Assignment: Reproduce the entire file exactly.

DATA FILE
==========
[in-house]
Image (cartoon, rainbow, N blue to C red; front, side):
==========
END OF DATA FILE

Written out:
[in-house]
Image (cartoon, rainbow, N blue to C red; front, side):